[9]
Aldred discussing the great stela at Gebel es Silsila, says, "…what this stela most vividly discloses is that from the first days of the new reign the populace of Egypt, the peasantry, workmen and nobility, were to be united in a great and pious undertaking, a labour of devotion to the king’s new god." (p.89)

Elsewhere he states, "This great undertaking was set in train almost as a national enterprise, with an energy that had hitherto been devoted to foreign campaigns, ‘to extend the borders of Egypt’." (p.262)


The Cambridge Ancient History points out that, "The rapid building of the new capital city at El-Amarna and temples to the new god in every major centre must have drained the land of its labour and economic resources…." (p.53)

[10]
Redford says, "Amenophis IV was… careful to record the instructions that were to govern the operation of his new shrines. On steles or on the wall itself, near the entrance to his temples, the official prescriptions for the daily offerings to the sun god were inscribed for all to see. … A representative text reads as follows (TS 256): ‘[The god’s offering which His Majesty laid down for his father] (the Sun-disc) as an offering menu for every day…: bit-bread, at a baker’s ratio of forty, [x] loaves; pisn-loaves, at a baker’s ratio of forty, eighty-seven loaves; [jugs of beer, at a brewing ration of twenty, thirty-three jugs; … to]tal of the various (types of) bread of the god’s offering, 265; pigeons, two; incense, [one] hin-jar; vegetables, one bundle; vegetables, four bunches; milk, [x] jugs…’ and so forth. Much larger quantities are indicated in surviving offering-lists for the daily menu of the solar temple at Memphis. <P> Offering prescriptions for other shrines are preserved as well.…" (p.134-135)

[11]
Redford says, "It is not at all strange to find one of the chief priests obliged to supply part of the offerings…. One text (TS 8842) alludes to the ‘[bread and beer] comprising the impost quotas of every year destined for the House of the Sun-disc’ and goes on in a broken context to imply that the high priest of the sun was somehow responsible for it. ...a new...text...lists in remarkable detail the benevolences expected from the dignitaries and townships all over Egypt, listed in geographical order. Probably specifically for the sd-festival, commodities were expected to be contributed by the middle and lower ranks of the bureaucracy." (p.135)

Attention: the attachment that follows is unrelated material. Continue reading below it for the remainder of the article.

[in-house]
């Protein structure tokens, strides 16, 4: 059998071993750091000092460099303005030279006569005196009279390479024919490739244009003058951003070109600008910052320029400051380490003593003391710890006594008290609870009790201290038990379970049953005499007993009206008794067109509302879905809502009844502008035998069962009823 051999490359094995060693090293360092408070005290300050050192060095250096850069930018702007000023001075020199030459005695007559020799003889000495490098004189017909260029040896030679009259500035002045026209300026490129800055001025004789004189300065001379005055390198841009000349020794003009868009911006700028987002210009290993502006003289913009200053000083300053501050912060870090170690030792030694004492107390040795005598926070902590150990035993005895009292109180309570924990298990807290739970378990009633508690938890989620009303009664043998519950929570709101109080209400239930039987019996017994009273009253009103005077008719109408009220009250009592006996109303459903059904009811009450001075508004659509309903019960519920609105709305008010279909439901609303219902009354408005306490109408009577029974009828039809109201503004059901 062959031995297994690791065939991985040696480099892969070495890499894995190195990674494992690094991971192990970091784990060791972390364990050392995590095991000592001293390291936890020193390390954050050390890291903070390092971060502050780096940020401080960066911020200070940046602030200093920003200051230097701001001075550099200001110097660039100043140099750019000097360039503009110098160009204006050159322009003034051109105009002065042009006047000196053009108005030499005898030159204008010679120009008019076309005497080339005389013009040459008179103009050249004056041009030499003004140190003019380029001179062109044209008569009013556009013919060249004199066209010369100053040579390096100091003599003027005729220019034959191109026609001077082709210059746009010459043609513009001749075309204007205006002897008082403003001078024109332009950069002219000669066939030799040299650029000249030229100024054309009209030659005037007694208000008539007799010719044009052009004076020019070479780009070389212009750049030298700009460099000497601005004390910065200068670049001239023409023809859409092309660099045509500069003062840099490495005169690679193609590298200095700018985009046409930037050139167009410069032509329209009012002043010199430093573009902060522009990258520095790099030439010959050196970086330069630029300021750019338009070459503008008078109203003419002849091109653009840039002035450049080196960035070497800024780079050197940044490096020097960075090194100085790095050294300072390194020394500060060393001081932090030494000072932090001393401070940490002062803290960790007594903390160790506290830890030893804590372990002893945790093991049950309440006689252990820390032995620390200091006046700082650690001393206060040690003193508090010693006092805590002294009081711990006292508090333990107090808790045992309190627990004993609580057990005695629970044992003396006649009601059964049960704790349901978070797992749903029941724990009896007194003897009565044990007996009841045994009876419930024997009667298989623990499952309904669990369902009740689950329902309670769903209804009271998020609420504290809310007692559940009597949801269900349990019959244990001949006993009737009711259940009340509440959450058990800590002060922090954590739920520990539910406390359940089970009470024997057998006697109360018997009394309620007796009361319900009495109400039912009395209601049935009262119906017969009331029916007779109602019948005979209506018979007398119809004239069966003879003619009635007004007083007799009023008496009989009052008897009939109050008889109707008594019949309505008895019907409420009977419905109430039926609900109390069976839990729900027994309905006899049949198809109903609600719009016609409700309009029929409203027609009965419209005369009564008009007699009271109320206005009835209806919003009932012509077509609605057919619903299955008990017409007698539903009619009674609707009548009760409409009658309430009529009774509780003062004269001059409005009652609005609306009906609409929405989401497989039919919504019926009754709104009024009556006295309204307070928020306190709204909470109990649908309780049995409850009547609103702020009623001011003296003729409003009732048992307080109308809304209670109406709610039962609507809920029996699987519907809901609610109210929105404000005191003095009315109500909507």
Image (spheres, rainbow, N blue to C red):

[12]
Aldred says, "The worship of a god in aniconic form simplified temple architecture which no longer had to consist of a ‘mansion’ but reverted to the court, open to the sunlight, and to the colonnades of the ancient sun-temples." (p.245)

Redford explains, “It is presumed that a good many of the forms he espoused were of Heliopolitan inspiration: the simple open layout adopted for his sun-temples, for example, is allegedly derived from a Heliopolitan original. All this may be the case, but at present no one can say with certainty. We know too little about Heliopolis – the site has not been and cannot be adequately excavated – to be confident in tracing elements of the new cult back to forms at home there." (p.138)

[13]
The site plan for the Great Temple at Akhetaten shows that there was an area of offering tables that were not dismantled with the rest of the complex. A reasonable explanation might be that they were left standing because they still held viable, and hence valuable, foodstuffs at the time of the dismantlement.

[14]
Aldred says, “The architects had devised a system of building and decorating the walls which was rapid and effective. The sandstone was selected from strata that allowed blocks measuring about a cubit in length (0.5 metres) to be easily prised out of their beds and readily handled by an untrained labour force. When such blocks were trimmed, they could be speedily built into walls of alternate headers and stretchers, with a generous application of gypsum plaster between the joints, to fill in blemishes and make all smooth. Such walls could be carved in sunk relief, a method of decoration which was less laborious and time-consuming than the more usual and elegant low relief…” (p.263)

The Cambridge Ancient History points out that, “The impressment of workers by corvee shows the importance that the new king placed upon the swift fulfillment of his plans…. The remains of dismantled temples… betray distinct signs of the haste with which they were built, particularly in the often careless and summary cutting of the reliefs in a somewhat coarse granular stone." (p.53-54)

And, Redford states, “As in all the construction undertaken during his reign, the buildings Akhenaten threw up were hastily designed and assembled. A modern engineer, asked to cast a judgment on the Gm.(t)-p3-itn temple in East Karnak, could scarcely opine that it was anything but jerry-built…." (p.144)

[15]
The Rock Tombs of El Amarna III, The Tomb of Huya, Ch"2. A Royal Banquet" and Ch"3.An Evening Entertainment" describes feasting during the visit of Queen Tiye later in the reign. (p.5-7) [See: EAIII Plate IV, "Tyi Sitting at Meat with the King and the Queen."; EAIII Plate VI, "Tyi Entertained by the King and Queen."]

The Tomb of Ahmes, Ch"3. The Royal Family at Home" describes a never-completed mural showing the royal family seated at meat. (p.29-30) [See: Plate XXXIV, "The Royal Family at Meat."]

[16]
Aldred says that,"After the fifth year when the king changed his name to Akhenaten, and the new city of Akhetaten began to take shape, no further building was undertaken at Thebes during his reign." (p.85)